A question that’s often raised is why London has so few Michelin stars as opposed to somewhere like Tokyo or Paris?

I can’t comment on Tokyo properly - but it’s such an enormous city, with an enormous population and an enormous number of restaurants that it’s inevitable that it will have more stars.  When they first went there, they talked about doing a normal guide for Tokyo and after six months research they realised that they couldn’t make a normal guide because there would be thousands of entries;  they would have to make a guide only to the stars because there are so many good restaurants. But they are all Japanese. The city is so large, there are so many restaurants and the cuisine is so clean and focused, using really good products but keeping things quite simple. We haven’t got another city like it to compare it to in that sense. So I think it’s irrelevant to talk about quality of cities only in terms of Michelin stars, because they are so entirely different.

That’s why I think New York and London are so great - they have variety. Here you can eat Michelin star level British, French, Italian, Thai, Indian, Chinese, in-a-pub - whatever. You can’t do that in Paris. So we don't have the numbers, but I think that the variety is as important as the numbers - or possibly more important.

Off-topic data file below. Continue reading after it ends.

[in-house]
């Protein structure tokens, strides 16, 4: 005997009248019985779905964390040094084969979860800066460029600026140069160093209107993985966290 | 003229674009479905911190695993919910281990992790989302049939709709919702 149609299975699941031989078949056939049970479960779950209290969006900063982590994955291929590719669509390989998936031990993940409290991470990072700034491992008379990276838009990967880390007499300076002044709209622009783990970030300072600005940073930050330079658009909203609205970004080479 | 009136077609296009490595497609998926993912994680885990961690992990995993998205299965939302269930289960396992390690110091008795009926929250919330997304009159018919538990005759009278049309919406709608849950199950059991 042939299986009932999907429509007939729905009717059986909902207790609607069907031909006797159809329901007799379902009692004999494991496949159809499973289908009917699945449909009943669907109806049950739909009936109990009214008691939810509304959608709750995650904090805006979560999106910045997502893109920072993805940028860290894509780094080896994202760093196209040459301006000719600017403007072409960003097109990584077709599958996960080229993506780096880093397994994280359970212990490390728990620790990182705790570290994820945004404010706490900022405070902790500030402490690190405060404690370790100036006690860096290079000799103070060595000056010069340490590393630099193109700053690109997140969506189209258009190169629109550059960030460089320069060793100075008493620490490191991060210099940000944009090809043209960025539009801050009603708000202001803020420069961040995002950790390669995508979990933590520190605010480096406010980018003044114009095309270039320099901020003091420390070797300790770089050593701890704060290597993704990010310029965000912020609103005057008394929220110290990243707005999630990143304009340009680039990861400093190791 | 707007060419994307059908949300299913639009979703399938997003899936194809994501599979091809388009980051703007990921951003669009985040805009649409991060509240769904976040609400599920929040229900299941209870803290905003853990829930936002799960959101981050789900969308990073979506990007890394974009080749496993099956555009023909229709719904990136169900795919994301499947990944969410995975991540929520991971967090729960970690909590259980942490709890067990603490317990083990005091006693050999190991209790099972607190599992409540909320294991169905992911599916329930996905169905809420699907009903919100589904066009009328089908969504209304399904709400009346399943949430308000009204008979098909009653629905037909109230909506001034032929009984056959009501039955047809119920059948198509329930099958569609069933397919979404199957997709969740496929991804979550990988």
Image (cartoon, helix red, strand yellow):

If you were going to choose your personal top five restaurants in London - what would they be?

It depends on the criteria.  Dining out is a mood thing - so a special occasion is completely different from meeting up with a few friends for something to eat. For special occasion restaurants I’m a great fan of Nigel Platts Martin’s restaurants - The Square and The Ledbury and Chez Bruce is another one. I think he runs some of the best restaurants in the country. They have them all under one umbrella and the way that they’ve grown organically - that they keep the chefs in the group and get another restaurant rather than lose the chef I think has been great.  So they would certainly be high on my list of favourites.

I love what Anthony Demetre’s done at Wild Honey and Arbutus. I love what he does because he’s taken really good food into such an informal environment but not compromised the quality of the food. It’s very difficult to pick one - I’d like all of them because they all do such good food!

Do you think the Michelin Guide is broad enough to recognise the success of restaurants like Russell Norman’s Polpo and other more casual dining place?